Monday, January 24, 2011

Darwinopterus With An Egg

An Egg-Adult Association, Gender, and Reproduction in Pterosaurs. 2011. Junchang Lü, et al. Science 331: 321-324.

Male (right) and female Darwinopterus. Art: Mark Witton
A specimen of the pterosaur genus Darwinopterus preserved with an egg links gender with sexually dimorphic characters.
The new discovery, christened "Mrs T" (a contraction of "Mrs Pterodactyl") by the research team, was made in Jurassic rocks of Liaoning Province in northeast China and seems to represent a tragic accident. The well developed shell shows that Mrs T was just about ready to lay her egg (below) when she was killed in an accident that broke her left forearm, possibly the result of a storm, or perhaps even a volcanic eruption, which were common in this part of China around 160 million years old.

The fossil shows two features that distinguish it from male individuals of Darwinopterus. She has relatively large hips, to accommodate the passage of eggs, but no head crest. Males, on the other hand, can be assumed to have relatively small hips and a well developed head crest.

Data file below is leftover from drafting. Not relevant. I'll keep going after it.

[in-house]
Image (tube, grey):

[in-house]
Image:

The egg is relatively small and had a soft shell. This is typical of reptiles, but completely different from birds which lay relatively large hard-shelled eggs. This discovery is not surprising though, because a small egg would require less investment in terms of materials and energy – a distinct evolutionary advantage for active energetic fliers such as pterosaurs and perhaps an important factor in the evolution of gigantic species such as the 10 meter wingspan Quetzalcoatlus."